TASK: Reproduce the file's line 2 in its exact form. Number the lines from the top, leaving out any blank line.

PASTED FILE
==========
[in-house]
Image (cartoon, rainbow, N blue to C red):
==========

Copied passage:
Image (cartoon, rainbow, N blue to C red):